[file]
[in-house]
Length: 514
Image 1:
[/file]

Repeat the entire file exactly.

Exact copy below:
[in-house]
Length: 514
Image 1: